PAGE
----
If you’re among the millions of Americans asked to stay home during the COVID-19 pandemic and you’re having an active skin problem - or need care or medicine for a chronic condition, you may be concerned about getting the care you need. Your dermatologist’s office may be temporarily closed or may be restricting appointments to emergencies. Or perhaps you just aren’t comfortable going to the doctor’s office during the current health crisis. Thankfully, there’s another option that’s becoming increasingly available: teledermatology, a personalized, real-time video conference with your dermatologist.
An increasing number of dermatologists nationwide have started offering virtual appointments to help their patients during the COVID-19 crisis. This is partly because many of us feel a responsibility to continue caring for our patients in whatever way we can - even if it’s through a smartphone or computer screen.
If you’re interested in a virtual visit with your dermatologist, here are several key points to keep in mind.
- Call your dermatologist’s office or check their website to see if they’re offering teledermatology. If they’re not yet, keep checking; unfortunately, the pandemic isn’t likely to end quickly, so they may begin online appointments soon.
- Yes, it is necessary to schedule an appointment. Typically, your dermatologist will contact you at your designated appointment time.
- Most teledermatology visits don't require you to be particularly tech-savvy. Many doctors will contact you directly on your smart phone or through your email, and can help guide and connect with you at the click of a button.
- You do need to have a camera enabled on your device. By definition, a regular phone call is not teledermatology - your doctor needs to be able to see your skin so that they can discuss their findings and make treatment recommendations.
- Know that teledermatology visits are usually billed to insurance, just like regular office visits. That means copays apply, and the cost of the encounter may go toward your deductible, if you have one.
- Make sure you’re in a quiet, well-lit space for your appointment, and wear loose clothing if you have a particular spot that needs evaluation - don’t, say, take the call while sitting in your car, bundled up in a coat, with the stereo blaring.
- Maintain reasonable expectations, since online visits have limitations. Dermatologists often need to see, feel, and study your skin up close, ideally with the assistance of a dermatoscope (a handheld tool that increases diagnostic accuracy). A clear diagnosis often cannot be made when your doctor’s squinting at a fuzzy image on a computer screen. That's why, at the end of your virtual visit, your dermatologist may suggest an in-person visit to evaluate a spot, consider a biopsy or provide treatment.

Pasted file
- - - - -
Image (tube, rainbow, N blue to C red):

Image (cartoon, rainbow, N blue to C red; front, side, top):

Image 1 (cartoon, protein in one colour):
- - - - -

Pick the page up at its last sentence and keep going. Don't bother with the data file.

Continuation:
- Skin issues that are well suited to virtual dermatology include acne, rosacea, psoriasis, eczema, mild skin rashes, checks of 1-3 individual spots of concern, and routine visits for medication refills.
- Concerns that are not well-suited to virtual dermatology include full skin exams (they simply are not possible), complicated rashes and conditions that require up-close evaluation or skin biopsies, and examination of multiple moles or small skin lesions.
- Pictures are worth a thousand words, and to a dermatologist, they are actually much more helpful than video for accurately diagnosing skin lesions and rashes. Your doctor can help you more efficiently if you send or upload any photos of your spots, rash, or concern before your virtual appointment.
- While your doctor remains committed to patient privacy, it’s important to know that not all teledermatology platforms strictly adhere to patient privacy laws (HIPAA). For the pandemic, the government has temporarily eased restrictions on privacy rules to allow more patients and physicians to connect virtually. Currently-acceptable channels include Google hangouts, Skype, Facebook messenger, FaceTime, and more. A number of teledermatology platforms are secure and HIPAA compliant, however; these include doxy.me, Epic, Azova, Medweb, Epic, and Zoom for Healthcare. If you have specific concerns about privacy, be sure to ask your dermatologist’s office what platform they are using for teledermatology and whether it’s HIPAA-compliant.
Finally, if you don’t have a dermatologist, but are looking for an online consultation, be aware that not all online or virtual appointments are staffed by a board-certified dermatologist (even if “dermatology” is in the name of the app or website). Some sites rely on nurse practitioners, physician assistants, or other healthcare providers whose level of dermatologic education may vary. Dermio.com and DirectDerm.com are among web sites staffed by board-certified dermatologists, who have completed and passed the board-certification exam and 3+ years of intensive, dermatology-only training after medical school and internship.